Here is an example of one reflection on what success in life means. “A successful life means uniting certain conditions and putting them to work, whether in one’s family life, the political domain, spiritual life—as a farmer, a technician, etc. This process applies to all domains. Whatever direction we choose, we need a sound understanding to begin. Furthermore, we need to define our goals and adopt a vision that leads our understanding in an appropriate direction. We must also adopt ethics that support our capacities as we embark in life so that we do not take the wrong direction. These are the positive conditions that guarantee one’s life path.”
Rinpoche adds that the starting point for a parent is to be aware of his or her own state of mind and to cultivate appropriate motivation. Education is the meeting of the parents’ clarity of mind with the children’s capacities. It requires a lot of communication. He emphasizes that the educational process is not easy; it’s a longterm process that takes place from day-to-day. But with the relevant reference points and inner and outer resources, it leads to a helpful and useful result for others (you can find further information of the Institute’s Education Site).
We concluded the day with a new meditative exploration and workshops to help us experience from within the stakes of communication.
Day 3: Intergenerational Encounters as a Resource
The previous day, parents asked what went on in the teen and child workshops. To reply to this query, we started the day by presenting each activity to the entire group. Olivier and Barbara, the group leaders for the children, present the dynamic they set up and let the children fill in the rest by sharing their experience. Emmanuelle does the same for the teens. Lastly, we present the adults’ exchanges to the younger groups. This proved less than simple! To general surprise, five participants had prepared two skits: one family situation where the communication between parents and children doesn’t function and the same situation with a more creative communication. With a lot of laughter, they were able to share the themes that we were there to explore (see the summary of the first day above) in a way that was comprehensible for everyone.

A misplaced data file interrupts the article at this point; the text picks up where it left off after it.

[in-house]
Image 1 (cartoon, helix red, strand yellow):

A final exercise brought all the generations together for a reflection in small groups based on one tricky question: Should parents talk to their children about their problems? In the end, the adults were surprised by the clarity of the children’s propositions; of course they should talk to them, but progressively, in relation to their age.
An open Q&A session with Jigme Rinpoche brought the forum to a close. At the end, we asked him what conclusion he might like to offer. He replied, “We have talked a lot about the relationship between parents and children and the obstacles we may encounter. It isn’t easy, and it requires a lot of exchange between the generations. I hope that the children will continue to question. For the parents, it takes a lot of patience to acquire good habits. Taking care of a child is taking care of the parent he or she will be one day. In this way, education is a process of transmission. There are no miracles. It isn’t something that can happen overnight. Naturally, it is progressive. What we apply today will be beneficial for all in the future.”
Puntso, Head of Dhagpo’s Program